Sunday, June 28, 2015

Kongsberg, Update

As a genealogist, I have long enjoyed using findagrave.com for family history research. In my previous post about the abandoned Kongsberg Church cemetery in Trempeleau County, Wisconsin, I wrote about the diphtheria deaths among the children in the congregation. I was able to preserve their stones by uploading them onto findagrave. Someone had already uploaded the names and dates, so uploading the photos was simple enough. As I deciphered the engravings on my photographs and matched them with the online names and dates, I realized that a lone stone propped against a tree was left over.


In a close-up, it's only partially legible. Part of the name and the dates. The clearest etching in the stone are the parents names Iver and Emma.


The stone is puzzling, because all of the others are written in Norwegian while this one is in English. The parents' last name was also a puzzle. I could make out Johnson, but it looked as though the surname continued. Was it hyphenated? That's strange for a nineteenth century tombstone in rural Wisconsin. Was the surname a longer form of Johnson? That also didn't seem plausible.

I needed to find out more about Iver and Emma. I came across quite a bit about Iver Johnson. He immigrated to Wisconsin from Hafslo, Norway --- Hafslo no longer exists as a place name, but was in Sogn og Fjordane county in western Norway. Emma's name was actually Ingeborg, but she changed it to Emma when she arrived in America. 

Here's the interesting bit --- at least for me, a lover of language, family history, and hyphenated Americans. As Iver was from Scandinavia he had a patronymic --- a surname to show kinship to his father: ____-sen (for son) or ____-datter (for daughter). He was son of Jan, so his patronymic was Jansen. His father Jan's was Halvorson (Halvor would be Iver's grandfather). So Jansen is where the Americanized "Johnson" comes from. Patronymics are falling out of favor in Norway. Most now are either frozen in families, or taken from geographical landmarks. It seems Iver had an additional surname "Veum" --- in fact, there's an old Veum School near the abandoned cemetery. Both his Americanized patronymic Johnson and his surname Veum are recorded on the stone. It's a wonderful mixture of American and Norwegian culture.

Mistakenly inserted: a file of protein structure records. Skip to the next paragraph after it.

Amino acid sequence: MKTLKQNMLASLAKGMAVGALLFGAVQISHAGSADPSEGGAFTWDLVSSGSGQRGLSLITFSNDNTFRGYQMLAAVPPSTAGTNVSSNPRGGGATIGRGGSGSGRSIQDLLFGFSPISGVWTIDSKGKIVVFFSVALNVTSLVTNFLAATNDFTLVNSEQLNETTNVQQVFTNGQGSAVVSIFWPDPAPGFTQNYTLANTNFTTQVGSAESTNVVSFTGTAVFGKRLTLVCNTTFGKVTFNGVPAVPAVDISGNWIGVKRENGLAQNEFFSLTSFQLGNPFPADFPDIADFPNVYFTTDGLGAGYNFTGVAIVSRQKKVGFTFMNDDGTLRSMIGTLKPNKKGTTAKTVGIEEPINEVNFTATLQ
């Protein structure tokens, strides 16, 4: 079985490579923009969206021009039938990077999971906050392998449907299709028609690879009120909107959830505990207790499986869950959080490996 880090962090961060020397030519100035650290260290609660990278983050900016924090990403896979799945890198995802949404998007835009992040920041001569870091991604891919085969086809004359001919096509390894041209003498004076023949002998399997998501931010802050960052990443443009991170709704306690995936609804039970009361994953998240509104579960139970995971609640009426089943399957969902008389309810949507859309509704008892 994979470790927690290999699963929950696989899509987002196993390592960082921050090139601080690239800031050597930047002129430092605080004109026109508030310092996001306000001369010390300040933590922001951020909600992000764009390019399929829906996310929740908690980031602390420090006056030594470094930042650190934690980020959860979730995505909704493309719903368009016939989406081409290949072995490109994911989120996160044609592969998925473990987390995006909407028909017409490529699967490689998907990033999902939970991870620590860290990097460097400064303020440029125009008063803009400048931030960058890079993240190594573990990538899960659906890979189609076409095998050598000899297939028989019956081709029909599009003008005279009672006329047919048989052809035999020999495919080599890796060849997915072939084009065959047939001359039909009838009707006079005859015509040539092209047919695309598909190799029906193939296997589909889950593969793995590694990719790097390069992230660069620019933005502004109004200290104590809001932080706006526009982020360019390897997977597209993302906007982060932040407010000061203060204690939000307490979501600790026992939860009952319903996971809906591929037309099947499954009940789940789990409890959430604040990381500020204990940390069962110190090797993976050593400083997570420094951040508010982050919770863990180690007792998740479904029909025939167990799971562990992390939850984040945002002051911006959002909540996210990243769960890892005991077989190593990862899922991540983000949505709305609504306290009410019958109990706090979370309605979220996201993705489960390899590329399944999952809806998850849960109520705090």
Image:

Iver and Emma married in February 1885. In December of that year, their first child, a son, was born. I believe his name was John Herman. It's interesting that Iver didn't continue his Norwegian patronymic naming custom for his first born son in America. It must have been an poignant moment and new beginning for the couple --- a new birth in a new country. Sadly, the son died shortly thereafter and was buried in the Kongsberg Cemetery. They had three more children.

Emma died in 1893. Iver remarried to Theodora Chistopherson. She was a bit of local legend as her mother was pregnant while making the sea voyage to America. Theodora was actually born aboard the immigrant ship Mercator somewhere on the Atlantic Ocean in 1870. Iver and Theodora had four children.

I felt as if the young child of Iver and Emma has been saved from forgotten history. While his stone remains --- I'm certain with time the cemetery will be swallowed up by the surrounding woodland --- I hope that I've documented his existence and preserved a memory of the often painful pioneer experience on the Wisconsin frontier.

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